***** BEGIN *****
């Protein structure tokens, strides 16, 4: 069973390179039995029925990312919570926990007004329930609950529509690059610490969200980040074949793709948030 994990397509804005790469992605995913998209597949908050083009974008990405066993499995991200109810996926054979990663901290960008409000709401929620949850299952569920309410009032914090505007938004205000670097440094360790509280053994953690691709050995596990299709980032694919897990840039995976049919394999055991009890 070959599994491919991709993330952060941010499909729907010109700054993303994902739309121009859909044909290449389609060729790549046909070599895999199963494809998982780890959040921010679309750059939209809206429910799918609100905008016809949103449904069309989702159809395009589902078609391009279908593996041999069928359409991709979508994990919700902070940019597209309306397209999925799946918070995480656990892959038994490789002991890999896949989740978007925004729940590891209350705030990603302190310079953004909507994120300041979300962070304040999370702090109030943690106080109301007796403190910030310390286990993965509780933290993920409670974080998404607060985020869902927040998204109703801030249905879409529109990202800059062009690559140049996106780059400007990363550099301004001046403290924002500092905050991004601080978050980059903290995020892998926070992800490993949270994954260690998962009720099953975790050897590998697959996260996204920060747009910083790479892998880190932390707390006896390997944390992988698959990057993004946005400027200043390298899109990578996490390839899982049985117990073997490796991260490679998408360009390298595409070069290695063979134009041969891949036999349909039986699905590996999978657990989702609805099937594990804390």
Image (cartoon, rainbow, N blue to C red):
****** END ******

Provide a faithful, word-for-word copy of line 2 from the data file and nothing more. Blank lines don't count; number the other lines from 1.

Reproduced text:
Image (cartoon, rainbow, N blue to C red):